Being born only a little under a year before The Beatles arrived in America, I really have no idea when I heard my first Beatles song. I may well have been in the crib when it occurred. Then again, it could well have been on The Beatles cartoon which aired from September 25, 1965 to September 7, 1969 on the American Broadcasting Company (ABC). Today The Beatles is largely forgotten except for those younger Baby Boomers and older Gen Xers who were growing up when it aired, but for awhile it was among the highest rated cartoons on Saturday morning.
The origins of The Beatles cartoon can be traced back to King Features Syndicate and its head of motion picture and television development at the time, Al Brodax. Among Brodax's first accomplishments at King Features Syndicate was the production of 220 new animated shorts featuring Popeye. Brodax managed to produce these shorts inexpensively and in a short period of time simply by giving much of the work to animation studios overseas. Broadax would also be responsible for the Beetle Bailey, Krazy Kat, and Snuffy Smith cartoons that King Features Syndicate produced in the early Sixties. When Beatlemania swept American shores in 1964, a Saturday morning cartoon based around The Beatles seemed like a surefire hit to King Features. Brodax got the rights to do a Beatles cartoon and then set about getting financing from toy giant A. C. Gilbert Company with little more than a rough outline of the show and some preliminary artwork. It was A. C. Gilbert Company that sold ABC on the idea of a Beatles animated series.
With the series sold to ABC, Brodax had only six months to actually produce the show. Fortunately, having produced 220 Popeye cartoons in only a brief amount of time, Brodax already had the experience necessary to get the cartoon out in time. He hired Englishman Peter Sander to design the characters of The Beatles. Like the Popeye cartoons before them, the animation for The Beatles would be handled overseas. TVC (Television Cartoons) of London (who later produced the classic Yellow Submarine) and Astransa Park of Australia were largely responsible for much of the work, although animation for the series was also done in Canada and Holland. The format of the series was rather simple. Each show would feature two episodes of anywhere from four to six minutes in length, each one based on a Beatles song (which would be featured in the climax of the episode). The episodes generally featured The Beatles either trying to get away from their fans or caught in such unusual situations as facing monsters or spies. In between the episodes would be sing-a-long segments featuring various Beatles songs.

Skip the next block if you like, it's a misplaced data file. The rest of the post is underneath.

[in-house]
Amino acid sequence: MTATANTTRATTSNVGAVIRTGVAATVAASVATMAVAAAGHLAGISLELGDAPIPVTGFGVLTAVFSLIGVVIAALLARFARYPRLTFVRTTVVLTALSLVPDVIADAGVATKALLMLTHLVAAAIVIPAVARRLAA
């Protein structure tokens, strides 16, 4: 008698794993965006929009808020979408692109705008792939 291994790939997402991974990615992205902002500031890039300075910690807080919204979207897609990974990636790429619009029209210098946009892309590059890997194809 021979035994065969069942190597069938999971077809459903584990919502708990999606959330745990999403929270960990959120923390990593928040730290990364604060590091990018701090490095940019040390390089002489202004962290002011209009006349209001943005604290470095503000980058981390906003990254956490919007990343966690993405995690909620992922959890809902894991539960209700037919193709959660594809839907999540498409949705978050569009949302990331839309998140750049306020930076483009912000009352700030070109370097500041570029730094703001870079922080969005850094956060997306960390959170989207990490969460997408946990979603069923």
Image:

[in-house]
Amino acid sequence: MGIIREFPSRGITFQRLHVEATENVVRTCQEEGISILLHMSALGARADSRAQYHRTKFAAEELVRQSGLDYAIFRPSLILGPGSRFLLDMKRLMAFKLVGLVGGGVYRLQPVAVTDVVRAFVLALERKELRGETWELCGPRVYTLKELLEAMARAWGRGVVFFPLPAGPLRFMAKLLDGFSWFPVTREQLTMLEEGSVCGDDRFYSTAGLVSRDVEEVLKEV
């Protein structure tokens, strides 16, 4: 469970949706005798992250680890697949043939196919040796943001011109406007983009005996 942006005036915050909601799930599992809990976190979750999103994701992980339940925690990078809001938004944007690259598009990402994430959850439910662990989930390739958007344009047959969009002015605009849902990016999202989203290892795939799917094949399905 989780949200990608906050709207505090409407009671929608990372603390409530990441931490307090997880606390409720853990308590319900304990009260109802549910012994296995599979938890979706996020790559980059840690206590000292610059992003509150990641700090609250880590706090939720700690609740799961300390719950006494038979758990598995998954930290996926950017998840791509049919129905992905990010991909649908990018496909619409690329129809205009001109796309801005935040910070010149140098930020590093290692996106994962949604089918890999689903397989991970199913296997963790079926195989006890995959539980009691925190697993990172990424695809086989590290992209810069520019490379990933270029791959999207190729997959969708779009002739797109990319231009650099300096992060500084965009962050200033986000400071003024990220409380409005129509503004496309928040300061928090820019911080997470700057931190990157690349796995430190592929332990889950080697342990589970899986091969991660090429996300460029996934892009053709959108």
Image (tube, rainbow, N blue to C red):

For the voices of The Beatles Brodax hired only two men: American voice actor Paul Frees (who had provided the voice of Boris Badenov for The Bullwinkle Show, among many other voices for various animated characters) to voice John and George and Englishman Lance Percival (perhaps then best known for his work on That Was the Week That Was) to voice Paul and Ringo. Brodax also made the controversial decision of not letting the actors mimic the Beatles' actual voices. Brodax thought that American children would not understand anything approaching The Beatles' natural, Liverpuddlian accents and thus Frees and Percival gave The Beatles of the animated series accents that Americans think of as stereotypically English. Of the characters, only Ringo sounded even faintly Liverpuddlian (and even his voice on the cartoon was far from that of the typical Scouse). The worst was perhaps the voice given John Lennon, who sounded more like Inspector Fenwick from Dudley Do-Right (no coincidence, as Frees had also voiced that character) than anyone else. It would be Brodax's unfortunate choice regarding the voices of The Beatles that would keep the cartoon off the airwaves in the United Kingdom for many, many years. Hearing the voices, no less than The Beatles' manager Brian Epstein banned the cartoon from British airwaves, fearing that most Brits would be offended by them. The cartoon would not air in the United Kingdom until years and years after it was first broadcast in the United States.
Regardless, The Beatles was a runaway hit when it debuted Saturday morning, September 25, 1965 on ABC. It received among the highest ratings of any Saturday morning cartoon up until that time, a phenomenal 52 percent of viewers. Naturally, The Beatles was renewed for a second season, with six brand new episodes featuring such songs as "Nowhere Man" and "Paperback Writer." Unfortunately, the series did not receive the phenomenal ratings it had in its first season. Much of this was due to the success of the TV show Batman in primetime. Not only had that series became an outright fad, but it spurred a cycle towards superheroes on Saturday morning. Facing such stiff competition as Space Ghost on CBS, The Beatles cartoon found it more difficult to compete. Another reason for the series' decline may have been that many of The Beatles' fans were simply growing up and simply felt too mature to be watching Saturday morning cartoons. At any rate, The Beatles was renewed for one final season, although it would be spent on Sunday mornings. The third season would see five new episodes featuring such songs as "Strawberry Fields Forever" and "Tomorrow Never Knows." It would also see the series take a turn towards psychedelia. In fact, a few of the episodes actually foreshadow the work that would be done on Yellow Submarine, albeit on a smaller and cheaper scale.
While The Beatles cartoon was well received by youngsters in the United States, it was not particularly well received by The Beatles themselves. John Lennon himself complained that it made them look like "the bloody Flintstones." None of The Beatles were particularly happy with the voices given them on the cartoon. It was because of their unhappiness with the television cartoon that The Beatles would ultimately have little to do with the classic Yellow Submarine. Eventually some of The Beatles would reverse their opinions of the series. Talking to writer Roy Carr, Lennon would later say he got a blast out of watching reruns of the series. In 1999 Harrison would admit that he found the show's episodes "so bad or silly they were good..."